Coming off of a major Supreme Court victory in 2016, Whole Woman’s Health and a number of Texas-based orgs look to repeal other Texas laws.
ExxonMobil, ConocoPhillips among the companies named in suit.
Austin’s Brandon Vezmar has found himself an overnight celebrity after a lawsuit he filed because ”men are being exploited by people like the defendant.”
The hook ’em sign in donut form has been a part of the bakery’s brand for years—but UT lawyers are suddenly unhappy.
This is the most complicated that thinking about cake has ever been.
As Dallas City Council voted to ban a porn convention from using its convention center, Mike Rawlings coins a phrase.
The debate over who can use Stubb's branding fires up.
The school, which has owned the trademark on ”12th Man” since 1990, has a history of renting it out to NFL franchises.
The case has sparked predictable outrage.
After the 8th grade valedictorian dissed his school superintendent during graduation, both the school and a federal judge agreed that the incoming freshman needed to pay a price.
Lightning strikes are basically what people have in mind when they talk about an "Act of God," but it's more complicated than just looking to the sky.
Is Texas big enough for two beavers?
A federal lawsuit filed by Dr. Glen Hurlston claims that the former chief of police in Princeton, Texas—who currently holds that role in the Austin suburb of Kyle—and several of his fellow officers harassed him while the chief had an affair with his wife.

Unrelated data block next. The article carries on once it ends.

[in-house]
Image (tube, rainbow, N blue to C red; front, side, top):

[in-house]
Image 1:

Lauren Scruggs, the 23-year-old model and fashion blogger who lost an hand and eye in the accident, rejected a $200,000 settlement.
The state's highest court denied Mike Leach's appeal of his wrongful termination lawsuit against Texas Tech.
A Cowboys fan who claims she was burned by a hot bench outside Cowboys Stadium has sued the team and Jerry Jones.
The private security firm once known as Blackwater changed its name (for the second time) to Academi last year. Katy-based Academy Sports and Outdoors has cried foul, filing a federal lawsuit.
Two Liberty County residents claim "Angel" the psychic, the Liberty County Sheriff's Office, and a number of news organizations caused them financial and mental damages.
Courtney Royal had sued to practice his vampiric religious beliefs behind bars but the U.S. Fifth Circuit Court of Appeals was unswayed by his arguments.
Texas joins fourteen other states in a lawsuit against Apple, AT&T dumps the Yellow Pages, and Mattress Firm will get a great night's sleep after it becomes the largest bedding chain in America.
(This post is a revision that includes corrections from a previous draft.) Regarding the situation with Texas A&M and the future of the Big Twelve Conference, I have spoken with persons familiar with the situation at Baylor, who prefer to remain anonymous. This is what I have learned. 1. The university started four weeks ago to determine its legal remedies if A&M decided to leave the Big Twelve for the SEC. Astonishingly, the Big XII had waived all of its rights in a letter to the SEC, although Baylor's position, which seems correct to me, is that the Big Twelve cannot bind its member institutions. 2. If it is necessary to resort to litigation, one theory would be tortious interference with contract. 3. The Baylor board has taken the position, "We're not going to waive our remedies." 4. Baylor is talking to all member institutions of the Big Twelve. UT and Oklahoma say they want to continue in the conference. At least two other conference schools have said they will not waive their rights. 5. Not surprisingly, politicians have gotten involved, including (reportedly) a number of legislators and a few statewide officials, including David Dewhurst, who would like to leverage the controversy to get the University of Houston in the Big Twelve.
Everybody makes mistakes, but mistakes in the medical profession leave scars on everybody.